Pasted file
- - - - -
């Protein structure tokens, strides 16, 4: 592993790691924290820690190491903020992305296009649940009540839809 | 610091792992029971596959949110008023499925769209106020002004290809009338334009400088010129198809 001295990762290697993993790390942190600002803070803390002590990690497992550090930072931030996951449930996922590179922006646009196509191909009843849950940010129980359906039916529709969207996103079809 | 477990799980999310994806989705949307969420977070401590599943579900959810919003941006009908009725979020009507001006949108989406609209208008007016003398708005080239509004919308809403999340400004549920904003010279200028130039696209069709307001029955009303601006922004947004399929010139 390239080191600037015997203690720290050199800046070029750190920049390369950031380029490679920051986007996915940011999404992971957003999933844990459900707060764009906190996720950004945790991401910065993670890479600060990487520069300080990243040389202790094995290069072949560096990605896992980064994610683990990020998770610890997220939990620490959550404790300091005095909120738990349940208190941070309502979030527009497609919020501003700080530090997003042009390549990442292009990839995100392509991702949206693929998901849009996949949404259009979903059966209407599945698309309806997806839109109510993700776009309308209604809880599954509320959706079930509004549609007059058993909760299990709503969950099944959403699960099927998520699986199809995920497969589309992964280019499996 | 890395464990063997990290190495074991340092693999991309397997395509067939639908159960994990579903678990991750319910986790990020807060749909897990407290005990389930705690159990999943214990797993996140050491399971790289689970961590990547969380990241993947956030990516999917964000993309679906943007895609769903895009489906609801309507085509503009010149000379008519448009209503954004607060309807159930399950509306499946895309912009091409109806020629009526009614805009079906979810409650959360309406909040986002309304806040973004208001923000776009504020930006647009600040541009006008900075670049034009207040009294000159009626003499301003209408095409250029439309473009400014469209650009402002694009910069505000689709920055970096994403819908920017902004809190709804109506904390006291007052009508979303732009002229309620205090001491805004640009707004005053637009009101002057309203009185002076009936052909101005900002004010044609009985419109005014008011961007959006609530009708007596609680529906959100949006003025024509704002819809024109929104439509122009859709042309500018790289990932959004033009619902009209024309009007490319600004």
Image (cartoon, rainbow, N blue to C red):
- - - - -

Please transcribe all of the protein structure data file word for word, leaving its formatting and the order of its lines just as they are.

């Protein structure tokens, strides 16, 4: 592993790691924290820690190491903020992305296009649940009540839809 | 610091792992029971596959949110008023499925769209106020002004290809009338334009400088010129198809 001295990762290697993993790390942190600002803070803390002590990690497992550090930072931030996951449930996922590179922006646009196509191909009843849950940010129980359906039916529709969207996103079809 | 477990799980999310994806989705949307969420977070401590599943579900959810919003941006009908009725979020009507001006949108989406609209208008007016003398708005080239509004919308809403999340400004549920904003010279200028130039696209069709307001029955009303601006922004947004399929010139 390239080191600037015997203690720290050199800046070029750190920049390369950031380029490679920051986007996915940011999404992971957003999933844990459900707060764009906190996720950004945790991401910065993670890479600060990487520069300080990243040389202790094995290069072949560096990605896992980064994610683990990020998770610890997220939990620490959550404790300091005095909120738990349940208190941070309502979030527009497609919020501003700080530090997003042009390549990442292009990839995100392509991702949206693929998901849009996949949404259009979903059966209407599945698309309806997806839109109510993700776009309308209604809880599954509320959706079930509004549609007059058993909760299990709503969950099944959403699960099927998520699986199809995920497969589309992964280019499996 | 890395464990063997990290190495074991340092693999991309397997395509067939639908159960994990579903678990991750319910986790990020807060749909897990407290005990389930705690159990999943214990797993996140050491399971790289689970961590990547969380990241993947956030990516999917964000993309679906943007895609769903895009489906609801309507085509503009010149000379008519448009209503954004607060309807159930399950509306499946895309912009091409109806020629009526009614805009079906979810409650959360309406909040986002309304806040973004208001923000776009504020930006647009600040541009006008900075670049034009207040009294000159009626003499301003209408095409250029439309473009400014469209650009402002694009910069505000689709920055970096994403819908920017902004809190709804109506904390006291007052009508979303732009002229309620205090001491805004640009707004005053637009009101002057309203009185002076009936052909101005900002004010044609009985419109005014008011961007959006609530009708007596609680529906959100949006003025024509704002819809024109929104439509122009859709042309500018790289990932959004033009619902009209024309009007490319600004």
Image (cartoon, rainbow, N blue to C red):